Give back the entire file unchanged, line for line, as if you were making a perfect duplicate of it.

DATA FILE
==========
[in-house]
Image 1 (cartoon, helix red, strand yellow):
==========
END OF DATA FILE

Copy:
[in-house]
Image 1 (cartoon, helix red, strand yellow):